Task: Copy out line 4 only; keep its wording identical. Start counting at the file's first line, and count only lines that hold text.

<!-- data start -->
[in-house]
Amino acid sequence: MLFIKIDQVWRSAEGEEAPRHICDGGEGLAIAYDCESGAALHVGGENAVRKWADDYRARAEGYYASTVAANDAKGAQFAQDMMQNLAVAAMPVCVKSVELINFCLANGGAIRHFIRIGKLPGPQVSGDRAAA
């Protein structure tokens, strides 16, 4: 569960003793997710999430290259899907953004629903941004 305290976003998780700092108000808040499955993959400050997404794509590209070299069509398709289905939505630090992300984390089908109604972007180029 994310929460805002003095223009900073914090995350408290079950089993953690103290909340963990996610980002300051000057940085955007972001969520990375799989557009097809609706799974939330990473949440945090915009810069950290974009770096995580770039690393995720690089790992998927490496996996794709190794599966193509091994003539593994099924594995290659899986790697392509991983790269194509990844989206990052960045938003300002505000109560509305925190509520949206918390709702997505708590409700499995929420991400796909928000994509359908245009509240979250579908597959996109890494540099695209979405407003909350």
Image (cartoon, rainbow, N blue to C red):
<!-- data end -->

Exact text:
Image (cartoon, rainbow, N blue to C red):